Dried Fruit - Nature's Candy

Exploring Calories In Fruit

Nutritionists advise people of all ages to eat more fruits and vegetables, with an emphasis on raw produce and balancing the two. One reason this balance is important is to do with getting all of the necessary vitamins and minerals. Another reason is that eating too much fruit in preference to vegetables leads to consuming too many calories from sugar, especially where some fruits are concerned.

Some are obvious to spot and include the sweetest, most religious fruits: bananas, pineapple, apple, and pears, for example. Blueberries and raspberries, per weight, also contain more calories than grapefruit and cranberries.

There is more to food than calories, and some of the calories in fruit can also be attributed to fiber. For instance, pears are high in fiber, but also higher in calories than cherries when ripe. Cherries contain vitamins and nutrients too, and neither one is 'bad' for you. Also, sugar is not entirely bad either. Natural sugars, such as those found in fruit, are necessary fuels, providing energy in the form of carbohydrates so you can perform daily tasks.

Another point to consider is that while some foods are low in calories, they are also irritating to certain individuals. Some citrus fruits (grapefruit, oranges, lemons) are thought to cause inflammation, so are avoided by many individuals with asthma and allergies. Certain fruits cause serious allergic reactions in certain people, a common example being strawberries, although this kind of reaction is reliably rare.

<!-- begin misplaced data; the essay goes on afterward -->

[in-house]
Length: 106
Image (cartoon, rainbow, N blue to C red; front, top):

The way in which fruits are consumed is a critical factor in determining caloric content and nutritional value. For one thing, raw fruit is the best form because the nutrients and water content remain intact. As always, eating organic fruit is better than consuming that which has been sprayed with pesticides. There is value in the peel of many fruits too, so unpeeled apples and pears are often better than peeled ones, again if they have not been sprayed with chemicals.

Dried fruit contains less water and is, thus, less filling and sweeter. As a consequence, it is easier to eat more of them without realizing how quickly the calories are mounting and how this will affect the stomach later. Some dried fruits are coated in oil or dipped in sugar, giving them more fat and calories. Also, dried fruits frequently develop unseen molds when stored incorrectly.

Canned fruit is okay, but watch out for syrups. Fruit does not have to be preserved in sugar water. Fruit canned with juice is better, but juice still has lots of calories. Be careful about replacing water with juice as drink, because while you might think there are not many calories in juice, there are.

Jams and jellies are usually made by combining mashed fruit with sugar and pectin. There are sugar-free options available, but remember that a tablespoon of sugar-free strawberry jam (thickened by boiling away water and adding apples or apple sauce, which contains pectin naturally) is not the same as tablespoon of strawberries. First of all, if apple is added this affects the count, while boiling away the water in fruit intensifies its natural sugar content per tablespoon. Also, some jams are made by adding concentrated fruit juice with its natural sugars and high calorie content in place of processed sugar.


Source by Billy G Lewis

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